“It’s pretty weak in my books to claim that the newest piece of malware is the act of a nation state because other possible related pieces of malware were ‘rumored’ to be the work of a nation state,” Rogers said. “Until someone comes up with solid evidence actually attributing one of these pieces of malware to North Korea I consider this evidence to be, at best, speculation.”

Rogers described the IP addresses used in the attack and cited by the FBI as even less compelling evidence that implies “a fundamental misunderstanding” of Internet traffic flow and how hackers operate.

Routing attacks through public, open or otherwise vulnerable networks is hacking 101. The IP addresses cited by the FBI to route the Sony attack include networks in Singapore, Thailand and Bolivia (the last of which was used in an attack on South Korea two years ago). All of them are public, well-known waypoints for spam and malware according to cybersecurity expert Scot Terban (a.k.a. Dr. Krypt3ia).

“At the end of the day, if these are all the IP’s that the U.S. is using as evidence that DPRK carried out this attack I think it is pretty weak as evidence goes,” Terban wrote. “The majority of these systems are proxies and known to be such and the others are weak systems that have likely been compromised for use in this attack and maybe others because hackers share a lot of these C&C boxes. They do so to muddy the waters so to speak, the more groups using them the more confusion can be sewn.”

Though expanded analysis of the FBI’s evidence muddies the waters surrounding the agency’s statement of evidence, the bureau claims such evidence only partly justifies the North Korean accusation, and that the ongoing investigation “precludes us from sharing all of this information.”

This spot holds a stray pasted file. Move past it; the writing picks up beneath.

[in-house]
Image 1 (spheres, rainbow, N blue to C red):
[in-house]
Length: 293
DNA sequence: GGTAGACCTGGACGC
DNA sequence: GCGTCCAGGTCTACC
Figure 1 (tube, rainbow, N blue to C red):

Other sources claim hackers hardcoded into the Destover virus pathways and passwords that would have been necessary to navigate Sony’s systems so effectively, and that such information would have to have come from a source inside the company.

Proponents of the theory recall some major restructuring that took place at Sony earlier this year, including the dissolution of Sony Pictures Technologies, which was scrapped along with the jobs of less than 50 employees as part of Chairman Michael Lynton and Co-Chairman Amy Pascal’s plan to cut Sony’s overhead costs by $250 million. Both Lynton and especially Pascal had a slew of embarrassing emails stolen and dumped online by the hackers, along with troves of personal employee information and several unreleased films.

Though Pyongyang has been unyielding in its condemnation of the “The Interview” — which stars Seth Rogen and James Franco in a comedic attempt to assassinate North Korean dictator Kim Jong-un — the country has maintained denial of any involvement in the attack.

North Korea vowed to retaliate against the U.S. as a whole this weekend in response to the statement by the FBI and a CNN interview with President Obama, during which he described the attack against Sony as “cybervandalism.”